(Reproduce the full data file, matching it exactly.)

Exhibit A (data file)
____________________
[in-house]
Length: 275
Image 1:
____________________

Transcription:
[in-house]
Length: 275
Image 1: